It started with a bit of small talk. Several members of the Rotaract Club of DhakaOrchid in Bangladesh’s capital city were telling fellow members about a rock concert they had attended a few days earlier. They were especially struck bythe energy and enthusiasm of the younger music fans. As the excitement spilled into that conversation back in January 2023, the club’s charter president,Saddam Hossain Roni, got an idea. Not a fan of rock himself, he nevertheless saw the potential in having the club organize a concert of some of the top rockand metal bands in the country to boost Rotaract’s profile, attract members, and raise funds for projects.

“I felt like this was huge,” Roni recalls. “This generation of youth in Bangladeshis crazy about concerts and musical events. I felt that if we did something really big it would let people know about us and the activities we have been doing for the past 50 years. They would see that Rotaract is notjust a local club — it’s part of an international movement.”


Members of the Rotaract Club of Dhaka Orchid, including (from left) Didarul Alam, Ahanaf Adib, Tahsin Miti, Saddam Hossain Roni, and Faysal Kanan, use popular music to boost Rotaract’s profile, attract members, and raise funds for projects. Several club members have formed their own band.

Image credit: Reza Rahman

The Rotaractors were excited by the idea, even though the upfront costs of staging the event were daunting. On 2 June, after a few months of research and planning, 12,000 young music fans streamed into a Dhaka convention center for the charity concert the club called Empathy 2023.

On the lineup were nine of the country’s top rock and metal bands, including Artcell, Warfaze, Shironamhin, and Ashes. Lights flashed from the stage, guitars wailed, and the crowd sang along. Most importantly for the club,concertgoers got a primer on Rotaract and many received T-shirts featuring both concert and Rotaract logos.

Play loud, be heard

The Rotaract Club of Dhaka Orchid has these tips for raising your profile through pop culture events large and small.

After the event, more than 670 people contacted the club to express interest in joining Rotaract, Roni says, and plans were made to charter more than 30 clubs in the city. The nine bands promoted the concert and Rotaract to millions offollowers on their social media channels, and the club saw a spike in its own social media traffic. Numerous media outlets covered the event. “For weeks after the concert, we would see youth wearing our T-shirts in the streets,” says Roni.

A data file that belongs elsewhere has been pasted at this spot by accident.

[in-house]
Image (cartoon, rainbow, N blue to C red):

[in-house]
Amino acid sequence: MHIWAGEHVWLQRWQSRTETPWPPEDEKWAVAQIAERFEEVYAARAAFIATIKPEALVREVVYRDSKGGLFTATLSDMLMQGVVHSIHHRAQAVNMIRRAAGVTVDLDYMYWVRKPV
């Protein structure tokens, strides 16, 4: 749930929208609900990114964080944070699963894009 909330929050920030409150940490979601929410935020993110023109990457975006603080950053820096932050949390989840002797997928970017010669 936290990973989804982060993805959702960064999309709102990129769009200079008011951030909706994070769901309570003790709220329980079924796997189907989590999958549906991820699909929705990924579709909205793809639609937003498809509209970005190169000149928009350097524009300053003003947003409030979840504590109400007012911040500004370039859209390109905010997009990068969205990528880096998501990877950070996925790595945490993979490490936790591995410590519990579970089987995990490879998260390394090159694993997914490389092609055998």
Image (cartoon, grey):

The Rotaract Club of Dhaka Orchid was chartered in 2015 after Roni moved from the eastern city of Comilla to Dhaka to study electrical engineering. He had by then become active in Interact, serving as treasurer of the Interact Club of Comilla Lalmai, then president of the Gomoti Interact club. His election as district Interact representative further expanded his contacts and leadership skills. “I made new friends, received support from others, and was inspired to develop myself further to bring change to my community,” he says.

One of those new friends is Faysal Kanan, who shares Roni’s passion to get young people involved in service. Prior to the concert, Kanan says, members had to spend a lot of time explaining to people what Rotaract was and how Rotary is dedicated to the eradication of polio, among other causes. “I felt if we could interest more young people to serve in Rotaract clubs, we could show them how they can serve everywhere at any time,” Kanan says.

The Rotaractors have demonstrated just that through their passion for helping communities affected by flooding or other disasters,especially in hard-to-reach parts of the country. In 2016, they provided clothing and supplies to Santal people who lost homes during ethnic clashes over land rights. In 2019, they traveled to the remote Kurigram district in northern Bangladesh to provide flood relief in the form of food,clothing, and medicine.

Roni remains connected to Interact through the Interact Alumni Association of South Asia, which he helped found. In 2022, he joined with Tahsin Miti, then a district Interact representative and past president of the Interact Club of Dhaka Paramount, to organize Interact and Rotaract clubs to deliver flood relief in the city of Sylhet after summer monsoons.

Some of the money raised through Empathy 2023 helped provide winter clothing to families. The club is planning a bigger event for 2024 in an open-air stadium that they hope will raise enough money to build permanent shelters for people affected by flooding.

The club received help at the concert from other young people. Miti, now a Rotaract member, organized volunteers and encouraged Interactors to promote the event. “I think we succeeded in showing many people a different image of Rotary,” Mitisays.

Roni is using industry connections he made to line up other celebrities, including awell-known comedian and magician who joined the club last year. Several club members, including Kanan and Miti, have formed their own band, Shadow, whichhas performed at Rotary and Rotaract events. The group plans to take the stage at the stadium concert this year.

“If we can promote our own band in the music industry, I think we can get even moreyouth interested in Rotaract,” Roni says. “This generation is so busy with their studies and their careers. But they are hungry for culture. If we can usemusic to show them Rotaract, we can get them excited about service and show them the difference it can make.”

This story will appear in the April 2024 issue of Rotary magazine.

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District 5160 is:

The Durham Rotary Club site is:

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The deadline for the Rowel 6:30 am on Wednesdays.

The Editor's photographs published in the Rowel are available, upon request, in their original file size.  Those published were substantially reduced in file size.